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That Magic Character Only French Translators Use

Posted By Adolfo Gómez-Urda Montijano and Laura Gutierrez, Sunday, September 17, 2017

That Magic Character Only French Translators Use

 

Automatic line-wrapping in video games is the source of numerous localization bugs that can only be seen by the Localization QA team. In the normal workflow, translators localize texts but don't have access to the game itself, so they have no visibility over the size of the text box where their translation will be displayed and what it will look like on the screen once integrated into the localized version of the game. If a translation doesn’t fit into one single line within the text box where it's used, it will be automatically split into different lines of text. Automatic line-splitting is an excellent and necessary feature, but it can introduce many localization bugs due to inappropriate line-wrapping or orphaned words.

There is one "magical" character that can help alleviate these issues, but translators are not often aware of its existence. We are of course talking about the non-breaking space (aka no-break space, non-breakable space, hard space, or fixed space), which can be typed by using the ALT+0160 key combination. Although it looks like a regular space when typed, it will behave as a very special space that will allow us to keep two or more different pieces of text together. French translators are the only ones who normally use them, due to a French punctuation rule that states that a space should be left before certain punctuation symbols, such as question marks, interrogation marks, colons, and semi-colons.

 

Automatic line-wrapping when a regular space is used instead of a non-breaking space


This character is very powerful and, if used properly by the translators, it can reduce dramatically the number of localization bugs found by LQA.

In order for translators to freely use this character, the development team should ensure it is properly supported by the game fonts. Most modern fonts support this character, but some development teams may create their own custom-fonts and omit this character or intentionally reduce the number of characters supported by the game to save memory. As a senior localization project manager, it is my responsibility to always analyze the game fonts to ensure they support all the necessary characters for all the supported languages. This character is always included in my analysis and, if not supported, I flag it as a necessary character for localization as important as any other accented character.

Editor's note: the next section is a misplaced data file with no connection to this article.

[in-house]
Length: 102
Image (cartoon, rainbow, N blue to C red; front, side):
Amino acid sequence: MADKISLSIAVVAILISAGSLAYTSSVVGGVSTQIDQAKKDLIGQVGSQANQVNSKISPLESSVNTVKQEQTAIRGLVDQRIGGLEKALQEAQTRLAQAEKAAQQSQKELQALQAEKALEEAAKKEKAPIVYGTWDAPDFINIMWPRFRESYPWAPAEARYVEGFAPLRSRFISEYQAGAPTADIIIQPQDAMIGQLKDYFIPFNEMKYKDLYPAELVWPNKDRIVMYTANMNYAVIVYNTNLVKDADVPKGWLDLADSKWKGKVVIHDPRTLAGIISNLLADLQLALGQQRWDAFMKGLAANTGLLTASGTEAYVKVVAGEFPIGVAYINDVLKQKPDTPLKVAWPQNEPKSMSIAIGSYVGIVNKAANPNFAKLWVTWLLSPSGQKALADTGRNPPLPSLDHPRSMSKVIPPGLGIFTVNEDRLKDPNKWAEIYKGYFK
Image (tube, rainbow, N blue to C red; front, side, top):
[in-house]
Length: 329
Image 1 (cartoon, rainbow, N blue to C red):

Some examples of the correct usage on the non-breaking space in French.

Asking if the non-breaking space is supported should be one of the first questions translators ask developers as it will avoid lots of hassle and firefighting after LQA is done.

Here are some examples of translations where this space should be used instead of the normal space (of course, only if you are supposed to use a space to follow your language's punctuation rules):

  • In French, before the question/exclamation marks, colon, and semi-colon:

  • In German, before the ellipsis character: Warten auf Benachrichtigungen …

  • Between numeric values and units: 20 km, 30 MB, 100 %

  • Between a numeric value and the following word: 5 coins

  • Between the words "press", "hold", "tap", "swipe" and button variables: To continue, please press [START_BUTTON]

English is no different, of course, and it would be great if the development teams started to use this character more often when writing the English texts and dialogues, since this would force the translators to use it and benefit from it more often.

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IGDA LocSIG Newsletter - January/February 2017

Posted By Anthony D. Teixeira, Tuesday, March 7, 2017

IGDA LocSIG Newsletter - January/February 2017

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Interested in meeting fellow localization enthusiasts? We will be organizing two events related to the upcoming GDC. Follow the respective links for more details:

IGDA Localization SIG Meetup @ GDC 2017: An informal meetup with localization professionals

IGDA Localization SIG Round Table - GDC 2017: Join this round table to discuss localization, highlights and accomplishments of the group as well as plans for 2017 and beyond!

We hope to see you there!

LocJAM Japan and LocJAM 4 News